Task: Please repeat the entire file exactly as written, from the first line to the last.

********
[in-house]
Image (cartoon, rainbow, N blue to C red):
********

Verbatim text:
[in-house]
Image (cartoon, rainbow, N blue to C red):